The Jagannath Puri Rath Yatra, which is considered one of India's biggest chariot festivals is set to commence from June 23 this year. To mark the celebrations, the chariots of Lord Jagannath, Lord Balabhadra and Goddess Subhadra would be pulled on the Grand Road from the Jagannath temple to Gundicha temple over a distance of 2.5 kms. Every year, lakhs of devotees throng to the coastal town of Puri to catch the glimpse of deities re-embodied after 19 years on chariots on the occasion of Rath Yatra, marking largest-ever religious congregation in Odisha.
For this year's celebrations of the Jagannath Puri Rath Yatra, the Odisha government has been directed to deploy heavy-duty machinery or elephants to pull the chariots. The decision comes in the wake of the coronavirus outbreak and to prevent the gathering of people.
Meanwhile, the preparations for Jagannath Puri Rath Yatra have begun on Odisha. Pictures of architects building up the chariot, as shared by a servitor at Puri Jagannath temple serve as an example of the festival's traditional relevance.
Jagannath Puri Rath Yatra: The Relevance
Jagannath Puri Rath Yatra commemorates Jagannath's annual visit to Gundicha Temple via Mausi Maa Temple (maternal aunt's home) near Saradha Bali, Puri. As part of Ratha Yatra, the deities Lord Jagannath, his elder brother Lord Balabhadra and younger sister Devi Subhadra, along with Sudarshan, are taken out in a procession out of the main shrine of Jagannath Temple and placed in the Ratha (Chariot) which are ready in front of the Temple. This process is called as 'Pahandi'. The procession starts with 'Madan Mohan' then 'Sudarshana' Balabhadra, Subhadra, and Jagannath Deva.
Later, Gajapati Maharaja, the king of Puri, who is also known as the first servitor of the Lords, does 'Chhera Pahanra' (the holy cleaning of the chariots). Finally, the devotees pull the chariots up to the Gundicha Temple, which is also known as the birthplace of the Lords.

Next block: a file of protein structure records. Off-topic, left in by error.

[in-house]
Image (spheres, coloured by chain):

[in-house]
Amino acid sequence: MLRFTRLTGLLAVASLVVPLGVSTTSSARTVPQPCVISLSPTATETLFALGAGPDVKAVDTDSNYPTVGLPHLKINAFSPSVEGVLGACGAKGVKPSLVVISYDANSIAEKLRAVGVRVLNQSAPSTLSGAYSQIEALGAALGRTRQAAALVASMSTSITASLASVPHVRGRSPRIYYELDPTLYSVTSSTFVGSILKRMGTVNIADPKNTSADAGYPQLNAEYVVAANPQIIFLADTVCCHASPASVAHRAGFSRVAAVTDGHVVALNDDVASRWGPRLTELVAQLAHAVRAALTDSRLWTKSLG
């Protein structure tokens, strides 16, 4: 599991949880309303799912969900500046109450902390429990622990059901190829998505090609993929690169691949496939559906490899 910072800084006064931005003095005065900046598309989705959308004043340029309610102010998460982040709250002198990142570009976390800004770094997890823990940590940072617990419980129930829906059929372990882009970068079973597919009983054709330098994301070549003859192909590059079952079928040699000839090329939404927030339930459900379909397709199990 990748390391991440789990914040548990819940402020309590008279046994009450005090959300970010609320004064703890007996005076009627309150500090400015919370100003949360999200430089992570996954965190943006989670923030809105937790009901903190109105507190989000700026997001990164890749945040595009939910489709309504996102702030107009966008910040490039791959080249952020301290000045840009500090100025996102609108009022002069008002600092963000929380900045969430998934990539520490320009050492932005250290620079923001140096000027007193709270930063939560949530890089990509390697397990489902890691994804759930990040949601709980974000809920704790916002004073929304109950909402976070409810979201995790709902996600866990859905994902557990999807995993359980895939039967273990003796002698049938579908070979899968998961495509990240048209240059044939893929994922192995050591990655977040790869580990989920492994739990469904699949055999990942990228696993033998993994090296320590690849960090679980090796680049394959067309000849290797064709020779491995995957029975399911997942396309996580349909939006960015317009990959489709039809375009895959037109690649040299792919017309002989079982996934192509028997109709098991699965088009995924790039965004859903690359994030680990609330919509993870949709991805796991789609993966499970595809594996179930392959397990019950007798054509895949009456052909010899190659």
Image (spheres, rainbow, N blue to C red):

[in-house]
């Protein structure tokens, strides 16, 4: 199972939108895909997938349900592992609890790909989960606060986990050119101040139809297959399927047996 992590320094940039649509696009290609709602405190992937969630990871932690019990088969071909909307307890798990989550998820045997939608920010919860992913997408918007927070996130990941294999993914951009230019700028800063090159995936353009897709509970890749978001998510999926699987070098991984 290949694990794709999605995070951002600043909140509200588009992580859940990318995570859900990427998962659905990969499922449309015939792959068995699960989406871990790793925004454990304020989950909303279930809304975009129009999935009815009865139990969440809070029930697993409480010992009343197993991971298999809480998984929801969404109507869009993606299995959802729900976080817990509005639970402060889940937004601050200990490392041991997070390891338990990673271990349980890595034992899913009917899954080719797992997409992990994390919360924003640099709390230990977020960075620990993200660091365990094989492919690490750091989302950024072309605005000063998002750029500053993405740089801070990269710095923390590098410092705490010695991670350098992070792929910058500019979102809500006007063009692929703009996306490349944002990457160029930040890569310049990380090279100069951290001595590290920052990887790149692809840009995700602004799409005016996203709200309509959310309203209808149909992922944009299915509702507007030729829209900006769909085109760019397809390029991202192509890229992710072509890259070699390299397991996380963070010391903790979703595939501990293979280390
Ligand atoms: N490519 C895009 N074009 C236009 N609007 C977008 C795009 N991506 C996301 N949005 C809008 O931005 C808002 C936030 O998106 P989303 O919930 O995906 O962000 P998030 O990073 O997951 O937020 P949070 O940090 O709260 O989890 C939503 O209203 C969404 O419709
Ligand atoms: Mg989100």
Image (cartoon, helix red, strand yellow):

Jagannath Puri Rath Yatra: The Chariots
Jagannath Puri Rath Yatra involves three chariots - chariots of Balabhadra, Subhadra and Jagannatha. Architects construct these chariots every year using wood of specified trees. The logs are traditionally set afloat as rafts in the river Mahanadi. These are collected near Puri and then transported by road. The three wooden chariots of the three deities are quite heavy as they are made out of over 13,000 cubic ft timber. Thousands of devotees pull the chariots with sturdy ropes tied around.
The chariots are decorated as per the unique scheme prescribed and followed for centuries stand on the Bada Danda, the Grand Avenue. Covered with bright canopies made of stripes of red cloth and combined with those of black, yellow and green colours, the huge chariots are lined across the wide avenue in front of the majestic temple close to its eastern entrance, which is also known as the Sinhadwara or the Lion's Gate.
Jagannath Puri Rath Yatra: The Celebrations
During the annual Jagannath Puri Rath Yatra, devotees from all across the world throng to Puri with an earnest desire to help pull the Lords' chariots. They consider this an auspicious act. The huge processions accompanying the chariots play devotional songs with drums, sounding plates of bell metal, cymbals, etc.
The Jagannath Puri Rath Yatra is also broadcast live on many Indian, foreign television channels, while a number of websites telecast Jagannath Ratha Jatra live.